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NY Times sees potential in Buffalo

The New York Times longs for a "bold urban vision" to help revitalize the nation's cities and sees particular potential in Buffalo.

Writes Times architecture critic Nicolai Ouroussoff:

The country has fallen on hard times, but those of us who love cities know we have been living in the dark ages for a while now. We know that turning things around will take more than just pouring money into shovel-ready projects, regardless of how they might boost the economy. Windmills won’t do it either. We long for a bold urban vision.

With their crowded neighborhoods and web of public services, cities are not only invaluable cultural incubators; they are also vastly more efficient than suburbs. But for years they have been neglected, and in many cases forcibly harmed, by policies that favored sprawl over density and conformity over difference.

Such policies have caused many of our urban centers to devolve into generic theme parks and others, like Detroit, to decay into ghost towns. They have also sparked the rise of ecologically unsustainable gated communities and reinforced economic disparities by building walls between racial, ethnic and class groups.

Correcting this imbalance will require a radical adjustment in how we think of cities and government’s role in them. At times it will mean destruction rather than repair. And it demands listening to people who have spent the last decade imagining and in many cases planning for more sustainable, livable and socially just cities.

The story goes on to deal with four locales, New Orleans, Los Angeles, the Bronx and Buffalo:

Perhaps the most intriguing test case for reimagining our failing cities is in Buffalo, where the federal government is pressing ahead with a plan to expand its border crossing facilities. The city was once a center of architectural experimentation, with landmarks by virtually every great American architect of the late 19th and early 20th century. Frederick Law Olmsted Sr., the father of American landscaping, created a string of elegant public parks intended for the city’s factory workers.

Like other Rust Belt cities, Buffalo began its decline more than a half-century ago, a victim of failing industries and suburban flight. Large sections of Olmsted’s parks and boulevards were demolished; an elevated expressway sliced through one of these parks, cutting it off from the riverfront; many of downtown’s once-proud buildings were left abandoned.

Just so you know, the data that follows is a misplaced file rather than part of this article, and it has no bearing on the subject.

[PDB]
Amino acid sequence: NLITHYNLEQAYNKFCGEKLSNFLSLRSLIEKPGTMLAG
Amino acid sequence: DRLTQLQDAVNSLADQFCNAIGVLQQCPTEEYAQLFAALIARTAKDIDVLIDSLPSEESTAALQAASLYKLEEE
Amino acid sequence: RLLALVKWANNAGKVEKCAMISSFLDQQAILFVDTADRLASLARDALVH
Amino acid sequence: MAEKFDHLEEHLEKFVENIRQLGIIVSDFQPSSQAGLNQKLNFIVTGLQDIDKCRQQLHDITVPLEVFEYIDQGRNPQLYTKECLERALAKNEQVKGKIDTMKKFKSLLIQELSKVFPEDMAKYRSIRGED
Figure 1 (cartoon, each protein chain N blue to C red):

Yet rather than reverse that trend, the government now seems determined to accelerate it. The Homeland Security Department is planning to expand an area at the entry to the Peace Bridge to make room for new inspection facilities and parking. That plan would require the demolition of five and a half blocks in a diverse working-class neighborhood with a rich architectural history, from late-19th-century Italianate mansions to modest two-family homes built in the 1920s.

Local preservationists argue that protecting the city’s historic neighborhoods is fundamental to the city’s survival. Pointing out that bridge traffic is steadily shrinking, they are pressing the government to upgrade the train system and dismantle parts of the elevated freeway to allow better access to the riverfront. Not only would they like to see Olmsted’s late-19th-century vision restored; they would also like to see it joined to a more comprehensive vision for the city’s future.

At this point there is no concrete plan to counter the government’s, but the potential is great. The city’s architectural fabric is rich. It has an active grass-roots preservation movement. And few sites better sum up the challenges of trying to save a shrinking city. I for one would love to see what a talented architect could accomplish if his imagination were given free rein over such a promising site.

The entire story is worth reading, so have at it.

Also worth a look is this story from AlterNet dealing with the next wave of slums -- in outer-ring suburbs.

Suburbia's least desirable neighborhoods -- aging, middle-class tract-home developments far from city centers and mass transit lines -- are America's emerging slums, characterized by poverty, crime and other social ills. 

I don't see that happening here, not yet, anyway. Then again, I have never gotten the appeal of, say, Lancaster. Doesn't seem to be any there, there.

 


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Economic Development | Recommended reading
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